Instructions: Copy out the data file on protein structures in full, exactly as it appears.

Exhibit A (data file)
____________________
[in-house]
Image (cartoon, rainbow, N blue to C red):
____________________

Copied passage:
[in-house]
Image (cartoon, rainbow, N blue to C red):